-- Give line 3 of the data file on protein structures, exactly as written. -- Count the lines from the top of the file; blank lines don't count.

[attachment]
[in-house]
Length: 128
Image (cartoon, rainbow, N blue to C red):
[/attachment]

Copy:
Image (cartoon, rainbow, N blue to C red):